I think so, the rightmost pin is not connected at all, according to specs https://datasheets.maximintegrated.com/en/ds/DS2401.pdf.

I think the DS2401 is fine. the problem the PB does not boot from battery could be due to the capacitors on board or maybe simulating the battery with an AC Adapter does not work for some reason.

Need to do more tests.....

 

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19 hours ago, doctormistral said:

 

I think so, the rightmost pin is not connected at all, according to specs https://datasheets.maximintegrated.com/en/ds/DS2401.pdf.

I think the DS2401 is fine. the problem the PB does not boot from battery could be due to the capacitors on board or maybe simulating the battery with an AC Adapter does not work for some reason.

Need to do more tests.....

 

My own experience would lean me toward the caps. Because the correct solution always ends up being whatever’s the most time consuming. 
 

The only last thing I can suggest is that you connect the power supply directly to the pins on the motherboard’s battery connector. Leave the tray with the DS2401 in place so the system thinks there’s a battery 

 

But send the juice directly into the power circuit. Just to rule out some sort of issue with the battery contacts 

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20 hours ago, ian1035nr said:

My own experience would lean me toward the caps. Because the correct solution always ends up being whatever’s the most time consuming. 
 

The only last thing I can suggest is that you connect the power supply directly to the pins on the motherboard’s battery connector. Leave the tray with the DS2401 in place so the system thinks there’s a battery 

 

But send the juice directly into the power circuit. Just to rule out some sort of issue with the battery contacts 

Recap: sending current directly to the board the PB does not recognize the battery, while sending current from the battery the PB thinks there is a battery and starts charging it... so the DS2401 I think its working. In any case It does not boot from battery side, only with its AC Adapter.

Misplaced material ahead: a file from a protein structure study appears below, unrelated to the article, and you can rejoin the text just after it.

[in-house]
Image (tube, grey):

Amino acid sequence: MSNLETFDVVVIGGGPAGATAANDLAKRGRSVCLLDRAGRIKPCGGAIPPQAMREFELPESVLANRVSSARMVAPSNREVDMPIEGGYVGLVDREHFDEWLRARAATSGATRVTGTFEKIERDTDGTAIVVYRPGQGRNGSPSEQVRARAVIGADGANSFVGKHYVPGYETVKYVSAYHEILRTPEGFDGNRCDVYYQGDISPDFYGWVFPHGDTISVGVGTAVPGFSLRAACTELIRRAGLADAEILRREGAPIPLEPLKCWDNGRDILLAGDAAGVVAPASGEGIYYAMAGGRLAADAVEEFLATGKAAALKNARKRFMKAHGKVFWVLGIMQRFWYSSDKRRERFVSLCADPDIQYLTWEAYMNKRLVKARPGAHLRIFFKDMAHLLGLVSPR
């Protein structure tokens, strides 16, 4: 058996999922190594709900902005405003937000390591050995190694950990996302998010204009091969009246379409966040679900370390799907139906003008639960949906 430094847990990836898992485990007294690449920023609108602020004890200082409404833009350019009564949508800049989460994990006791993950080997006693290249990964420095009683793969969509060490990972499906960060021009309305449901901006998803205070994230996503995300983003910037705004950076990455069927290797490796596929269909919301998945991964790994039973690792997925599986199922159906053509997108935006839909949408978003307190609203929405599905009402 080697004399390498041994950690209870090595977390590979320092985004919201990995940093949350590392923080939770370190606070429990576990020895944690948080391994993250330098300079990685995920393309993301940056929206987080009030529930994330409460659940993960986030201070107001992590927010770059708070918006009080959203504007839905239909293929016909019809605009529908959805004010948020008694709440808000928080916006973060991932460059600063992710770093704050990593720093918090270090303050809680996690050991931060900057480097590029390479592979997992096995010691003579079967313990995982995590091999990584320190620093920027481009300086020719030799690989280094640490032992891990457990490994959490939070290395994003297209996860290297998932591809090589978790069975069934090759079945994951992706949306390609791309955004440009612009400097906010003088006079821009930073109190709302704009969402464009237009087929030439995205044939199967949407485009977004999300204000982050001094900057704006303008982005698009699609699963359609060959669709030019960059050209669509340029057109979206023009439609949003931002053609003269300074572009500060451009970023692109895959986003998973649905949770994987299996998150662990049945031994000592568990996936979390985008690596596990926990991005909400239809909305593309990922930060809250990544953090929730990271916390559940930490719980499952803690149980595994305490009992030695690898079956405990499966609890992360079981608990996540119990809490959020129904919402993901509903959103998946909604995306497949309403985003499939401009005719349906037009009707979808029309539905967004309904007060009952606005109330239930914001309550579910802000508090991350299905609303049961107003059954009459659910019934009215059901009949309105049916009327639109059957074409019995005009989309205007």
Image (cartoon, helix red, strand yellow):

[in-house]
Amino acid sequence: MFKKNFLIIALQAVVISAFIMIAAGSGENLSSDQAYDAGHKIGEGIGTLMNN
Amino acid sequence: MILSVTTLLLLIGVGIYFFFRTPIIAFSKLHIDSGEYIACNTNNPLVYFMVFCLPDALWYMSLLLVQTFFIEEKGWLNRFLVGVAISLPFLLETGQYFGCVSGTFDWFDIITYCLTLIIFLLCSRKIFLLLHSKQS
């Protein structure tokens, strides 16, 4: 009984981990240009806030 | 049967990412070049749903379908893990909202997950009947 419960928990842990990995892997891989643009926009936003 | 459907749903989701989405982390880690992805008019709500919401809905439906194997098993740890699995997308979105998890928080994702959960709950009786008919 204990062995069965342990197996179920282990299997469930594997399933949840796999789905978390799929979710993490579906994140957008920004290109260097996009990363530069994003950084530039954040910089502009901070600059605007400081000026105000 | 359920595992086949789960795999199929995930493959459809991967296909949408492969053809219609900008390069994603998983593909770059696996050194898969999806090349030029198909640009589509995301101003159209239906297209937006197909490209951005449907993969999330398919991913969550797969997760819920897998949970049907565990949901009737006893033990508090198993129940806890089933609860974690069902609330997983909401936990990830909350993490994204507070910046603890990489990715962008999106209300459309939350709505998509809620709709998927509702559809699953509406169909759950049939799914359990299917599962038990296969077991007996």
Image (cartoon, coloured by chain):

I need to test with real batteries before recap..... :) 

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Posted (edited)

Just recapped the power controller but still the powerbook doesn't start from battery, even using a real 12.5V external battery.

The strange thing is that there is no current draw once the battery is connected, it seems detached but on the other hand it seems recognized (icon on the menu bar).

Actually the PRAM battery that is not fully operational (I'm going to replace it), could the boot problem depend on the PROM battery??

 

Foto 22-03-21, 19 34 49.jpg

Edited by doctormistral
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  • 3 weeks later...
Posted (edited)

Hi, update. I've just replaced the PRAM battery that does its job but the PB190 does not boot from battery. Booting from power supply and then detaching it, the PB shut down after a few seconds.

 

Recap:

  • replaced caps on power controller in the main board 
  • replaced pram battery
  • rebuilt the DS2401 (battery is recognized also fro the "regenerate battery" app)
  • Using an external power supply to emulate the batteries at ~14V 
  • Resetted PRAM
  • The PB190 doesn't boot without power supply.

 

In the following video, the PB is connected to its power supply and battery to another power supply

  • Battery is emulated with a EXternal power supply at 14V
  • Boot the PB
  • I read +23V at the battery pins (this voltage comes from the PB)
  • Detach PB power supply
  • After a wile the battery icon shows battery power goes down and PB shuts down
  • I read ~14V @ battery pins (that is the EX power supply)

@ian1035nr @stormy Thanks for any ideas about why this happens :) 

 

 

 

Edited by doctormistral